29 January 2016 | Little Farmer's Cay
EVS: Stormy, then Hot and Sunny
We, along with Steve and MaryAnn on Living Well and Dave and Mary Alexander on Sanity II, have enjoyed several days at Little Farmer’s Cay, Exumas. We had planned to stay at Black Point until Wednesday, but the weather was forecast to change for the worse and we knew boats would be on the move looking for protection from the West winds that arrive with a cold front. So, to get ahead of the crowd, we came here on Tuesday and picked up three moorings (brand new nylon pennants and stainless thimbles) off the Little Farmer’s Yacht Club, owned and operated by Roosevelt Nixon and his family.
After picking up the moorings, we went to the club building to pay our mooring fees, figuring at least three nights here, and made reservations for lobster dinner the next (Wednesday) night. We ordered the lobsters grilled, with peas and rice, cole slaw, and Bahamian mac & cheese. Then, we went for a walk to the other side of the island (using the “airport” runway as a portion of the foot path) and visited Ty’s Beach Club, the base for the Festival of Little Farmer’s Cay on the First Friday of February (5-Fs). We all agreed that we had seen the 5-Fs once and did not need to stick around for another, and it was nice having the place to ourselves, without the madding crowd. The 5-F is a big deal for the island as many (perhaps a hundred or more) boats come to partake, as well as locals from the “family” islands. Because of bad weather this year, a lot of boats are stranded in Florida unable to cross the Gulf Stream. (For instance, the City Marina in Marathon, Florida, which is a favorite jumping off spot to the Bahamas, has 220 moorings and the field is full with a 60 boat waiting list. Boats simply are not moving, so we are glad we crossed when we did! If the boats do not get here, the 5-Fs will be a big disappointment for the islanders (about 55 people call this place home) and a major blow to their economy. For their sakes, we hope the weather settles down.
The lobster dinner was fabulous! Each of us (except for Lauren who opted for a smaller portion) had a half lobster tail – about 8-10 ounces of lobster meat. (Lauren’s “smaller” portion consisted of 1½ tails with almost as much meat.) The lobster was tender, juicy, and delicious with a nutty flavor from the grill. Mr. Nixon served us personally and brought out soup bowls of butter with which to douse our lobsters liberally. Roosevelt’s son, Julian, did the grilling but would not tell us his secret other than to say he did not use aluminum foil, so they were grilled open, meat down. We stuffed ourselves!
During dinner, Mr. Nixon proceeded to chat with us and answer questions and tell us a bit about himself. He is one of the few remaining Nixons on the island, which was acquired by his great (or great-great?) grandmother, a freed slave who, with her three children, acquired the island from the Crown and decreed it to their heirs as generation property. Mr. Nixon’s father died when he was very young. His mother moved the Nassau to support herself and her family, so Mr. Nixon and his two siblings were raised by their grandmother. When he was 14, like virtually all the islanders, he went to Nassau to continue his education. There, he worked in construction for about 30 years until he decided (about 26 years ago) to return to Little Farmer’s Cay to raise his family on his “home island”. His house, just down the road and along the coast from the Yacht Club, was built on land he selected because it contained the large Cassuarina tree beneath which his “Grammy” used to plait palm fronds for basket-making, tell him stories, and ask him about his studies. His eyes glowed as he spoke of his Grammy – whom he considers his real mother. Mr. Nixon got downright twinkly-eyed when he told us about meeting his wife of 56 years. They first met on Little Farmer’s when she and her two sisters visited the island as little girls (she was 5 and he was 7 at the time) with their father, an itinerant teacher. When next they saw each other, she was a nursing student in Nassau and – in response to his request to see her again after their first date – said “no way!” She had to complete her studies and did not want to be bothered by a man. Ultimately, they did marry, in their early 20s, and have raised three children and now seven grandchildren. He is a hale and hearty “almost 80” year old with an obvious love of life and family, especially his Grammy and his wife. Like many of the Bahamians we have met, the Nixon family is hardworking, values education, and strives to better the lives of their families – worthy values all.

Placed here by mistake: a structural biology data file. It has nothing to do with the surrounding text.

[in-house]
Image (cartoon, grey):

Tomorrow, the three boats will separate with Living Well and Sanity II heading to George Town and Gratitude to the Jumentos and Ragged Islands. All three were going to go to the J/Rs, and Living Well may join us there after some time in George Town, but Dave and Mary have to get back to Florida before the end of February, when their son. Jeff. Is elevated to Colonel in the Air Force. So, tonight we are having a “separation” dinner aboard Gratitude, with a cake in honor of Lauren’s birthday later this month. It will be sad to see them go, but it is time to move on.